“I do think that the haredi media will begin to include images of women again, as was once common,” she said. “I think that between the women in the haredi world making change and the growing realization of the harm it does to be erased from communal spaces, the leadership will make an adjustment.
“If the goal is not to sexualize women, then we need women to be seen in roles that are non-sexual, as full and contributing members beyond their ability to birth and raise children. It matters for the girls growing up in the society, obviously, but also for the boys.
“The girls have the benefit of seeing amazing women in the women-only spaces they inhabit and having female role models involved in Torah, the arts, medicine, fitness, and so much more. The boys never get to experience that and are left to only relate to women as their mothers, sisters and future wives.”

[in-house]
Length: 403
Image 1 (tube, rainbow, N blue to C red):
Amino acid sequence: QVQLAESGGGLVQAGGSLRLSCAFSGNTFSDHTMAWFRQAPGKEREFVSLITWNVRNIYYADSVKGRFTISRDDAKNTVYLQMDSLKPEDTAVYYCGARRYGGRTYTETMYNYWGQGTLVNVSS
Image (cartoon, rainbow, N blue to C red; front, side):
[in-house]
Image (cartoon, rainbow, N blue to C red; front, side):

She said the ad was off-putting and sent the message that one’s “unique self” matters less than how one fits into certain boxes.
People love to label others. I’d never heard of the phrase “single-shaming” before doing this article, but at times people have tried to make me feel inferior for being unmarried.
I’m 43, but when I was 35, I was at a Shabbat table, and someone asked where my wife was. When I told him I was not married or dating anyone, he looked at me as if I’d kept a million-dollar lotto ticket in a pocket in my pants, sent it to the dry cleaners, and he just got the call that they lost my pants.
“You must be a good actor,” he said. “You’re singing Shabbos zmirot! You seem happy!”